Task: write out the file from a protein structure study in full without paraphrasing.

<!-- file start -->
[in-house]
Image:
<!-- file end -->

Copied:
[in-house]
Image: